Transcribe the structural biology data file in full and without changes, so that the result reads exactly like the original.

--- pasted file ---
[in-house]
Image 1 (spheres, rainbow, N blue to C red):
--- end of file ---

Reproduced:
[in-house]
Image 1 (spheres, rainbow, N blue to C red):